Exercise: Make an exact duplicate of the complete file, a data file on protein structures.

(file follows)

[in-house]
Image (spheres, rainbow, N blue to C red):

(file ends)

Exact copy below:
[in-house]
Image (spheres, rainbow, N blue to C red):